You plus him will not make you complete. You plus her will not make you complete. No one else can save you. No one else is going to complete you. You have to be your own hero. On that day you will be complete.
—  You are Your Own Hero | Nikita Gill

I’m in love with words.

I’m in love with the way I can take these emotions - these intangible things - and put them down on paper. And after the initial feelings fade, I can go back years and years later and feel the same emotions again just by reading the words I once wrote.

But the one thing I love more than words are the moments that cannot be put down on paper. Moments so special that there are no words to describe them.

There are so many things they don’t teach us in school. So many important things are neglected, not even spoken of, let alone taught. Things like how to deal with the death of a loved one. How to calm down after a panic attack. How to stand up after life knocks you down. How to love people. How to be loved in return. How to live through disasters. How to not to hold yourself together when your world is falling apart. How to live with a broken heart. How to live with illness. How to deal with abandonment. How to listen to your soul. How to accept yourself. How to forgive other people. But sure. Tell me again how calculus and algebra are important too.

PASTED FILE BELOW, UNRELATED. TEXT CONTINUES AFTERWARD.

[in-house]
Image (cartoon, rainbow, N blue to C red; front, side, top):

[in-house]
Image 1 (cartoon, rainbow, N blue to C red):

—  Things They Don’t Teach Us at School | Nikita Gill
Touch is so important between people. A gentle sweep of someone’s hair from their face. Holding someone’s hand when they need it. The wiping of a tear. Reaching out to help up someone who has fallen. You hold kindness, such gentleness in the tips of your fingers. And why not? After all, your fingertips are so sensitive that if each of your fingers were little earths, you would feel the difference between the weight and shape of a tree and the forest on each one. And like the earth, your fingertips have the ability to heal those you love, but also to harm them. Choose to be the gentle breeze to those forests, not the forest fire that destroys them.
—  Worlds at Your Fingertips | Nikita Gill

I started leaving poems in her shoes in the morning. She had used the shoes as a form of quiet protest, so I decided I would use them to make a quiet stand for hope. When one of your primary strategies as a parent involves leaving Wendell Berry’s “Mad Farmer Liberation Front” in your child’s shoe, it’s clear things aren’t going well.

What I wanted her to know is: People have been in pain before, struggled to find hope, and look what they’ve done with it. They made poetry that landed right in your shoe, the same shoe you didn’t wear for four months because of your despair.

[…]

The most optimistic people often struggle the hardest. They can’t quite square what’s going on in the world with their beliefs, and the disparity is alarming.

—  Beautiful New York Times essay by Betsy MacWinnery about how she brought her daughter back from the brink of suicide with the poetry of Wendell Berry and Mary Oliver.